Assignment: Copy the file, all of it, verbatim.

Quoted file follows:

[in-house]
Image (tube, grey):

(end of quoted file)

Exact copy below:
[in-house]
Image (tube, grey):